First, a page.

Missouri Regional Seminar on Early American History
Launched with the Kinder Institute in 2014, the Missouri Regional Seminar on Early American History (MRSEAH) provides scholars working on topics related to American history before 1900 with an opportunity to share research-in-progress with colleagues from around the Midwest in a constructive and convivial workshop setting. We welcome work on all aspects of American history, broadly defined Missouri-style to extend geographically throughout the Americas and Atlantic World, and chronologically from pre-colonial times forward through the 19th century.
Drawing its core members from faculty, graduate students, and public historians of the greater St. Louis area and Missouri River Valley, the MRSEAH meets twice per academic semester, once each in St. Louis and Columbia, with plans in the works for a fifth seminar in Kansas City.
A new initiative at the Kinder Institute, “Constitution Camp” is an academic summer program designed for Missouri high school students who are passionate about civic education and who would like to spend a week diving deeply into the subjects of American political history and American political thought.
Hosted every July on the MU campus, the camp is built around a series of discussion-based seminars led by MU faculty that present participants with the opportunity to tackle questions of historical significance and apply their answers to the current state of U.S. politics. They will, for example, not only consider how the U.S. Constitution was designed to create an effective government that would stay within its limits and not become tyrannical but also turn to the present to assess whether the Constitution has been successful in striking this balance.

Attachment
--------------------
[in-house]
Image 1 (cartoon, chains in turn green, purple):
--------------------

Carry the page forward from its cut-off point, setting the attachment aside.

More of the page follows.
Applications for the Summer 2023 Constitution Camp will open in January.
Electocracy in America & the Atlantic World: Fall 2023 Conference
Throughout the world, disinformation, political violence, and other attacks on established political norms are inspiring citizens to defend open and competitive elections, fact-based political debate, and the rule of law. But what is it, exactly, that we are defending?
This question, and more, will be answered at the October 13-14, 2023, Conference on “Electocracy in America & the Atlantic World: Elections and their Alternatives.” Co-convened by Kinder Institute Chair in Early American History Jeff Pasley and Duke University Associate Professor of History Reeve Huston, the conference will test-drive “electocracy” as an historical concept, gathering scholars of electoral and governmental practices and institutions, organized dissent, and contextualized political thought in order to stimulate interdisciplinary and cross-national discussion of election-based regimes as systems of power.
See the call-for-papers above for more information on how to participate. The deadline to submit a paper proposal is February 1, 2023.